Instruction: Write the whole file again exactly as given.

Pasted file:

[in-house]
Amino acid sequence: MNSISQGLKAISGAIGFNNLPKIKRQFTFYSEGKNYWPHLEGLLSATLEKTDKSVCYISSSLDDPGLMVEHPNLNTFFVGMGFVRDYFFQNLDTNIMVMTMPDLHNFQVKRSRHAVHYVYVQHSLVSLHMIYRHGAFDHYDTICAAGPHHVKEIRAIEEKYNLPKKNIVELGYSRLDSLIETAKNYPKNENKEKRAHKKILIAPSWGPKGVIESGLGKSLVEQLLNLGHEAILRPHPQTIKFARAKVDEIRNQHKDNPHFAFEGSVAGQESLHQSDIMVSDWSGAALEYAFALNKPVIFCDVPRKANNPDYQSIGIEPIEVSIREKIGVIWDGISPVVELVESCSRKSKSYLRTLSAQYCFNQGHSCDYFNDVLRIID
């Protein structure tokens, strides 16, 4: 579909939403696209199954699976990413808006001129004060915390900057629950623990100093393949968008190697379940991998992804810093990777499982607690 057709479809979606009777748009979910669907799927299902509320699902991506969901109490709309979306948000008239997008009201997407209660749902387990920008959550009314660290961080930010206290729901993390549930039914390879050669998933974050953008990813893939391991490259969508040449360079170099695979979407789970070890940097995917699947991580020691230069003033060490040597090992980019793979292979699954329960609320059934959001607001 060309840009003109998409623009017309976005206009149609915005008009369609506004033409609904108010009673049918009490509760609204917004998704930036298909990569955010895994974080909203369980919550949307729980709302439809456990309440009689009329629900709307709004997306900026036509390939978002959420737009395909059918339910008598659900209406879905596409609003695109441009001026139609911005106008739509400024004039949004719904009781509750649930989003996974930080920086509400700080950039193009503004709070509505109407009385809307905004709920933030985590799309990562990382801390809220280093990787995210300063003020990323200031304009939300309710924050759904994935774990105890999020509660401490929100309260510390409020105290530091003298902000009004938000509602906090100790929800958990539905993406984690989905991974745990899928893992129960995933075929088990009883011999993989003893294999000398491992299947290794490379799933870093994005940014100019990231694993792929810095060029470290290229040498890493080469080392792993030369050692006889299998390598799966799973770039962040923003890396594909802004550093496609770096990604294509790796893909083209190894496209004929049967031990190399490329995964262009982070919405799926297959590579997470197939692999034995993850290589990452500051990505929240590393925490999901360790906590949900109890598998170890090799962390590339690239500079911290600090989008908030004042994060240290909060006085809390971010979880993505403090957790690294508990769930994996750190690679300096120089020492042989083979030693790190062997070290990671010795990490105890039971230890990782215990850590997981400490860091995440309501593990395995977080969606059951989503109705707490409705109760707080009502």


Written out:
[in-house]
Amino acid sequence: MNSISQGLKAISGAIGFNNLPKIKRQFTFYSEGKNYWPHLEGLLSATLEKTDKSVCYISSSLDDPGLMVEHPNLNTFFVGMGFVRDYFFQNLDTNIMVMTMPDLHNFQVKRSRHAVHYVYVQHSLVSLHMIYRHGAFDHYDTICAAGPHHVKEIRAIEEKYNLPKKNIVELGYSRLDSLIETAKNYPKNENKEKRAHKKILIAPSWGPKGVIESGLGKSLVEQLLNLGHEAILRPHPQTIKFARAKVDEIRNQHKDNPHFAFEGSVAGQESLHQSDIMVSDWSGAALEYAFALNKPVIFCDVPRKANNPDYQSIGIEPIEVSIREKIGVIWDGISPVVELVESCSRKSKSYLRTLSAQYCFNQGHSCDYFNDVLRIID
């Protein structure tokens, strides 16, 4: 579909939403696209199954699976990413808006001129004060915390900057629950623990100093393949968008190697379940991998992804810093990777499982607690 057709479809979606009777748009979910669907799927299902509320699902991506969901109490709309979306948000008239997008009201997407209660749902387990920008959550009314660290961080930010206290729901993390549930039914390879050669998933974050953008990813893939391991490259969508040449360079170099695979979407789970070890940097995917699947991580020691230069003033060490040597090992980019793979292979699954329960609320059934959001607001 060309840009003109998409623009017309976005206009149609915005008009369609506004033409609904108010009673049918009490509760609204917004998704930036298909990569955010895994974080909203369980919550949307729980709302439809456990309440009689009329629900709307709004997306900026036509390939978002959420737009395909059918339910008598659900209406879905596409609003695109441009001026139609911005106008739509400024004039949004719904009781509750649930989003996974930080920086509400700080950039193009503004709070509505109407009385809307905004709920933030985590799309990562990382801390809220280093990787995210300063003020990323200031304009939300309710924050759904994935774990105890999020509660401490929100309260510390409020105290530091003298902000009004938000509602906090100790929800958990539905993406984690989905991974745990899928893992129960995933075929088990009883011999993989003893294999000398491992299947290794490379799933870093994005940014100019990231694993792929810095060029470290290229040498890493080469080392792993030369050692006889299998390598799966799973770039962040923003890396594909802004550093496609770096990604294509790796893909083209190894496209004929049967031990190399490329995964262009982070919405799926297959590579997470197939692999034995993850290589990452500051990505929240590393925490999901360790906590949900109890598998170890090799962390590339690239500079911290600090989008908030004042994060240290909060006085809390971010979880993505403090957790690294508990769930994996750190690679300096120089020492042989083979030693790190062997070290990671010795990490105890039971230890990782215990850590997981400490860091995440309501593990395995977080969606059951989503109705707490409705109760707080009502």